My mother is a practical woman. Ever since I was a teenager, she has been giving me instructions on how to take care of her as she grows older. “Put me in a nursing home” is one of her directives that I balked at when I was younger. But, as I have learned more through my work with the Association of Skilled Nursing Providers and North American Health Care, I realize that, if I love my mother, a skilled nursing center—whether for short-term rehabilitation or long-term care—is what’s best for her if her health declines.

According to the most recent data available from the National Center for Health Statistics, approximately 1.1 million Americans age 65 and older lived in nursing home in 2016. When it comes to nursing home care providers, the choices available are as varied as the people who live in them. Patients and their families often encounter difficulty when choosing a home. Frequently asked questions weigh on their minds.

“Where will Mom receive the highest quality care?”

"Where will Dad be treated like a resident, not just a patient?”

"How do I find the cleanest nursing home with the best food?"

Focusing on the following four core questions will help guide you during your search for quality nursing home care.

1. Where can I find accurate information on nursing homes in my area?

One of the main concerns families have is ensuring their loved ones will be safe and receive high-quality care. There are thousands of skilled care providers around the country and starting this search can seem daunting.

Media companies like Newsweek and U.S. News and World Report publish “best nursing home ratings” each year, and the Centers for Medicare & Medicaid Services (CMS) website offers the renowned Care Compare tool. These resources may provide a good jumping off point, but rankings and star ratings alone can’t necessarily determine which nursing home is the best fit for your loved one.

The best way to choose a nursing home is to weigh performance data, such as staffing numbers, inspection findings and other reports, with what can be observed during in-person or virtual tours of facilities. You can use this detailed checklist to gather additional information while touring nursing homes in your area and create your own rating system based on the features and parameters that are important to you and your loved one.


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2. Does my loved one need short-term rehabilitation or long-term care?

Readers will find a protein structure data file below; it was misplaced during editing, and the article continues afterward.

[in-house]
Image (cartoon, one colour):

Elder care terminology can be confusing, but it’s important to understand exactly what kind of care your loved one requires to ensure you’re researching and touring the right kinds of facilities. The terms “skilled nursing facility” and “nursing home” are often used interchangeably, but they can mean different things in different contexts. This affects the length of a senior’s stay, the type of care they receive and how these things can be paid for.

Is your dad having a total hip replacement? Is Mom recovering from a heart attack? Is your husband healing from a wound that requires specialized wound care and around-the-clock supervision? These are all examples of diagnoses that typically require temporary post-acute care—a short-term stay for rehabilitation purposes—in a skilled nursing facility (SNF).

If you are looking to permanently move a loved one into a facility that provides 24/7 skilled nursing care, this is considered long-term care. You’ll want to look for extended care in a nursing home.

To make matters even more confusing, many elder care facilities offer both short-term senior rehab services as well as long-term care. This isn’t necessarily a bad thing, since it is common for older adults who require rehabilitation following a medical setback to develop a need for long-term care. Just be sure to communicate openly and frequently with your loved one’s health care team to ensure you fully understand their current and future needs. Keep their diagnosis in mind, too. Some facilities specialize in caring for seniors with certain conditions or needs, such as stroke recovery or dementia care.

Read: What’s the Difference Between Skilled Nursing Care and a Nursing Home?

3. How will the staff communicate with me and my loved ones?

Close communication with a loved one’s health care providers is crucial for improving and maintaining their physical and mental health. You need a care facility that will work with you to develop a comprehensive care plan, evaluate and update it regularly, and report/implement changes in a timely manner.

Inquire about care plan meetings, responsiveness to phone calls/emails, and opportunities for engagement like family council meetings. You can also use this guide to learn about different staff members’ titles and responsibilities to facilitate communication with your loved one’s new care team: Who’s Who in Skilled Nursing: Staff Caregivers Should Get To Know.

4. What amenities are provided?

Nursing homes and SNFs vary widely in the amenities they offer. In many ways, these perks are just as important for an older adult’s overall well-being as top-notch medical care.

Some facilities provide individual televisions and telephones for each resident, Wi-Fi, and shared computer access. An assortment of activities and events is crucial for keeping seniors social and engaged as well. Many even hire chefs and dietitians to handle their residents’ nutritional needs. Be sure to inquire about these and other amenities that might be important to your loved one, such as private rooms, opportunities for outings, visitation policies, outdoor spaces and more.

I’ll probably still try to persuade my mom to live with me. But if she decides a nursing home is right for her, or if it becomes medically necessary, I feel comfortable knowing that there are great places out there that will provide excellent care in a knowledgeable, compassionate environment.